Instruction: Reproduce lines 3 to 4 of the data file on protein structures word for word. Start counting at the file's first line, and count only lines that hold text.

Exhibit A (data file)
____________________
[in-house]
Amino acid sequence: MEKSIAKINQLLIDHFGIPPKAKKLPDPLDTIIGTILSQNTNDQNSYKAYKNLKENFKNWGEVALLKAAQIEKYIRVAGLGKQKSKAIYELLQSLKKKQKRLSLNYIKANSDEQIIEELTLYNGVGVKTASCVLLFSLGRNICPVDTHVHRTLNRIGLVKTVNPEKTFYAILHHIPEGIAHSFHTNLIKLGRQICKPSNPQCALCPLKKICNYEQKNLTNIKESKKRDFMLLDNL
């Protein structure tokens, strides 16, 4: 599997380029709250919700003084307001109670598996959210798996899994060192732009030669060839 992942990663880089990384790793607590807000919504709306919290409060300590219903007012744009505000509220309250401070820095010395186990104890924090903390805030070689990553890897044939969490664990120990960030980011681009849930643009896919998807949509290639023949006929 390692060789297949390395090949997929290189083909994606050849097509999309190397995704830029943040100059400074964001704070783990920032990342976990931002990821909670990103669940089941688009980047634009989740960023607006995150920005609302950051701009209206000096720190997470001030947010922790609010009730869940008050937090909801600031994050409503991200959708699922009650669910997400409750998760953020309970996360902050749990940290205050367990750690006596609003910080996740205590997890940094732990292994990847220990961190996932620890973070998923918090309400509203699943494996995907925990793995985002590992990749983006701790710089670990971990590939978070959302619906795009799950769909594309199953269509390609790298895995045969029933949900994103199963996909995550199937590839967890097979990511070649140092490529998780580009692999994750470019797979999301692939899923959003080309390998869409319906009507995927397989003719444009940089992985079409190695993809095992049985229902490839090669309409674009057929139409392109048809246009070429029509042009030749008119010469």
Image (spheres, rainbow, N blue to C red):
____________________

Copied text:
């Protein structure tokens, strides 16, 4: 599997380029709250919700003084307001109670598996959210798996899994060192732009030669060839 992942990663880089990384790793607590807000919504709306919290409060300590219903007012744009505000509220309250401070820095010395186990104890924090903390805030070689990553890897044939969490664990120990960030980011681009849930643009896919998807949509290639023949006929 390692060789297949390395090949997929290189083909994606050849097509999309190397995704830029943040100059400074964001704070783990920032990342976990931002990821909670990103669940089941688009980047634009989740960023607006995150920005609302950051701009209206000096720190997470001030947010922790609010009730869940008050937090909801600031994050409503991200959708699922009650669910997400409750998760953020309970996360902050749990940290205050367990750690006596609003910080996740205590997890940094732990292994990847220990961190996932620890973070998923918090309400509203699943494996995907925990793995985002590992990749983006701790710089670990971990590939978070959302619906795009799950769909594309199953269509390609790298895995045969029933949900994103199963996909995550199937590839967890097979990511070649140092490529998780580009692999994750470019797979999301692939899923959003080309390998869409319906009507995927397989003719444009940089992985079409190695993809095992049985229902490839090669309409674009057929139409392109048809246009070429029509042009030749008119010469």
Image (spheres, rainbow, N blue to C red):